Some of the instruments available on the over-the-counter market are perfect for governments that desire to insure their country’s price risk exposure, either on their own account (e.g., to protect against the risk of declining tax revenue when export prices fall), or in order to pass on price insurance to their country’s producers or consumers (e.g., as a back- up for a price stabilization fund, to ensure that such a fund will continue operating even in times of prolonged unfavourable prices).
Quite a few government entities in developed countries do indeed use market-based price risk management for these purposes. For example, in the United States, this is the case for some of the states that rely heavily on taxes on oil production; for many public transport companies; and even for many city-level programs that provide fuel subsidies to low-income households. But similar use in developing countries is rare—and in the case of coffee, limited to an experience in Guatemala, discussed in the main text. Governments of other coffee- producing countries, e.g., in East Africa, have been offered risk management products, either to lock in minimum export prices in return for giving up part of the potential of price increases; or to fix the number of pounds of coffee necessary to pay for one barrel of oil imports but this has not led to any transactions.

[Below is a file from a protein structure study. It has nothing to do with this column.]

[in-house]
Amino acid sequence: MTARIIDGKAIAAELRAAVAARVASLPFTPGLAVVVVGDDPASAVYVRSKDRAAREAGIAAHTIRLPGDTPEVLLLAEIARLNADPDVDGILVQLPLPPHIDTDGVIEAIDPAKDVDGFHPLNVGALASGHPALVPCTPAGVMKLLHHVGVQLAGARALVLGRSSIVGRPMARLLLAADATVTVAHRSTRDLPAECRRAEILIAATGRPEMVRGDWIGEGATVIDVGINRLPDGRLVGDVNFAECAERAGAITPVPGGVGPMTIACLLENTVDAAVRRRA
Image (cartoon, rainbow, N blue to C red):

This lack of use is largely due to lack of awareness within these governments on the potential use of market-based risk management instruments, coupled with fear about a possible political backlash if a hedging decision were, with hindsight, turn out to be “wrong” (a not unrealistic fear: for example, in Ecuador, when the Central Bank had bought put options to protect the national budget against the risk of oil price falls, and oil prices did not fall, there were calls in the country’s Parliament for an investigation of the Central Bank’s “waste” of government funds). Even if some parts of the government machinery are aware, the critical mass necessary to make hedging decisions has not been reached. There are no access problems at this level. Many countries can probably directly access the market, and in any case, any country that borrows from the World Bank can incorporate price risk management tools within its loans (irrespective of the purpose of a loan); officially, this facility is now available only for IBRD countries (that is, the richer World Bank members), but indications are that if an IDA country is interested, this service will be made available by the Bank’s Treasury Department.